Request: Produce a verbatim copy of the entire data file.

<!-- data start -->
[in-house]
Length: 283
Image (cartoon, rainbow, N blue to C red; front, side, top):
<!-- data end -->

[in-house]
Length: 283
Image (cartoon, rainbow, N blue to C red; front, side, top):